As commissioning engineers and test technicians, our work often involves testing various devices, alarms, and circuits in newly implemented designs. Sometimes, we are required to do these tests on short notice due to necessary isolations or in-service equipment that could potentially be affected. While this approach may not be the most efficient, it does allow us to make progress while waiting for additional circuits to become available. Additionally, it offers greater insight into terminated cables and their potential impact on existing equipment, enabling us to identify and address any issues that may arise. By doing so, we can ensure that the devices, alarms, and circuits in the newly implemented design are functioning optimally and that any potential problems are identified and resolved quickly and efficiently.

Advantages of Current Testing Methods

Engineers and technicians should test protection and control circuits as they become available to ensure that all construction and commissioning activities are well-coordinated. This approach allows them to verify the accuracy of issued-for-construction (IFC) schematics and wiring diagrams and identify any discrepancies early on. Typically, commissioning activities are driven by construction activities, and technicians tend to coordinate their testing based on the availability of electricians to install, form, and terminate cables running from panels. By commissioning circuits as they become available, engineers can ensure that the construction activities are aligned with the commissioning activities and that discrepancies are addressed immediately.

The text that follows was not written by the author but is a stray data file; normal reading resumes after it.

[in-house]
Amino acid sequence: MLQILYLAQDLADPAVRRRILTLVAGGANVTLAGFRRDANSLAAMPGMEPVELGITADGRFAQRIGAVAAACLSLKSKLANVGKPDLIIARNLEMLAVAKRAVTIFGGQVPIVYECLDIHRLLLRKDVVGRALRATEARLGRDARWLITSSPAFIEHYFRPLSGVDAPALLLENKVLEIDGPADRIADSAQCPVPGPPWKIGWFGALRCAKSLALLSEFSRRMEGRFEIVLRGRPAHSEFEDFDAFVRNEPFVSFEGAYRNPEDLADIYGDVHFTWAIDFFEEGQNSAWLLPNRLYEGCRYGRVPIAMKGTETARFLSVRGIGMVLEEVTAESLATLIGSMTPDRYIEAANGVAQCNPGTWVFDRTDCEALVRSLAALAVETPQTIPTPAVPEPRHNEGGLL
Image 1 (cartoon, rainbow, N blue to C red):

It is important to note that customers often have strict protocols regarding returning equipment to service and completing the required documentation. Since the final protection settings may not be available at the start of a project, it is crucial to test the operation of inputs and outputs, even without actual relay settings. This approach helps engineers identify possible wiring or equipment issues early on that may require replacement, which could have a lengthy lead time. In the case of modifications, these problems can even be latent issues with wiring or labeling that have gone unnoticed for years. By identifying such issues early in the project cycle, engineers can ensure they are addressed while there is still enough time to commission the equipment and avoid any delays.